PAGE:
Workers regularly abusing regulations to get payoffs
Op-Ed Commentary: Chris Devonshire-Ellis
Mar. 16 – One of the issues in the on-going class struggle in China is the difference between workers and company bosses. With China still very much following the path of its “socialist revolution” (now, of course, with Chinese characteristics), the one party state tightened up its labor laws two years ago and made it more difficult for staff to be dismissed. While elements of class struggles have been going on forever, the recent amendments imposed by China upon businesses in the country have now had a good two years to settle in. Have they worked? That depends upon your point of view.
Conflicts certainly seem to have risen. In older, perhaps more naive days in China, going on strike was tantamount to “interfering with a company’s financial well-being” and could be considered a criminal offense. Up until, in fact, two years ago, strikes in China were very rare. Now, these are relatively common, well-organized and specifically designed to force management’s hand – such as the parallel strikes organized at various factories of the same company to ensure production would be crippled on a national basis. This occurred despite the original dispute arising in just one location.
The use of labor tribunals and incidents of the union being called in to mediate have also risen dramatically. On one hand, it could be said that the new law is working perfectly well, and the rise merely suggests a growing awareness of workers’ rights and how naughty employers had previously been. On the other, one could argue a rise in labor disputes is unhealthy and is symptomatic of a badly designed set of regulations. As my firm deals with labor issues on occasion (we’re accountants, and money always comes into it somewhere), we’ve seen a huge rise in such cases. Often, however, the law meant to prevent abuse of workers is now being used to abuse the employers. It’s unbalanced, and in its implementation, unfair.
Cue, for example, the recent proposals to allow workers to negotiate pay rises and welfare and to provide them with seats on the board. The management of a company is (usually) qualified to be there because it has a suitable business educational background. In many instances, they may well have committed their own financial investment. Pare up then the MBA-holding manager who has to listen to a Bolshevik-styled worker rant on. The methods of communication and debate are totally different, and this can lead to breakdowns and frustrations on the parts of both. It can also lead to the dissemination of information about the company that should remain privy only to the directors and shareholders. In my view, a seat on the board has to be earned. China is about to pass laws that will provide a workers’ representative with such an office. I doubt the understanding of fiducial responsibilities have risen so far.
The labor law as regards unemployment is also being abused. Workers are deliberately, on occasion, performing badly to get themselves sacked and thus claim unemployment payoffs. Just prior to Chinese New Year, we were involved in several instances where a group of workers demanded to be dismissed – purely in order to claim unemployment benefit and return home to their families with a large check. When local government has to be called in to arbitrate, the situation can become messy. The unemployment aspect of China’s labor law has been poorly thought out, and it is being used as a weapon to force the employer to part with large sums of cash. This cannot be right, fair, or desirable.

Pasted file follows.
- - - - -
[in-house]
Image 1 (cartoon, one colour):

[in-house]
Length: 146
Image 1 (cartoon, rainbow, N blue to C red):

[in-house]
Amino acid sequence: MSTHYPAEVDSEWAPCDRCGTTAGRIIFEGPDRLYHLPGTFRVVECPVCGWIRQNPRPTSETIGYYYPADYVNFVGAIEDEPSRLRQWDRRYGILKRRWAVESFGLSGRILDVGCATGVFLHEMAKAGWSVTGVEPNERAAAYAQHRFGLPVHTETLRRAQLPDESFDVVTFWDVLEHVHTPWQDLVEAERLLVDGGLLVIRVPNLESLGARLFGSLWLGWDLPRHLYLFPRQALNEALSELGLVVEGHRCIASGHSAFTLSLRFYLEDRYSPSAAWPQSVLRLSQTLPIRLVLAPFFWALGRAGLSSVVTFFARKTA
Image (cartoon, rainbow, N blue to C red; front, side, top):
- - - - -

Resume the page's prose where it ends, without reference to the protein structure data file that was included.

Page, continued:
While the government has stated it wants to increase the salaries and welfare of workers, provide them with more protection and rights, it is only doing so through a series of poorly drafted regulations that end up hurting the employer. To some extent, this problem has become so bad that many businesses now simply cannot afford to hire. They will become uncompetitive and die. Rather than use the labor law to provide workers’ rights, the government would be far better off tackling the issue by sorting out the mess that is currently the social welfare system. Until they do, the burden of workers welfare and rights will increasingly fall on private enterprises, and not where it should be – the Chinese welfare system.
Chris Devonshire-Ellis is the principal of Dezan Shira & Associates, China’s largest foreign direct investment focused practice. The firm provides labor law advice among other due diligence, tax and accounting services. Please contact Richard Hoffmann for assistance at firstname.lastname@example.org, visit the firm at www.dezshira.com or download the practice brochure here.
Employment Overheads in China’s Welfare System
In this issue of China Briefing we look at China’s social security regime and the five social insurance funds that enterprises in China must contribute to. Essential for any business.
Human Resources in China
Specifically designed to cover the most important issues relating to managing a Chinese workforce, this guide details the HR issues that both local managers in China and investors looking to establish a presence on the mainland should be aware about.
China’s New Social Insurance Law
China Now Has Third Highest Labor Costs in Emerging Asia
From China to Vietnam for Labor Intensive Export Driven Manufacturing
The Mysteries of China’s Unemployment Fund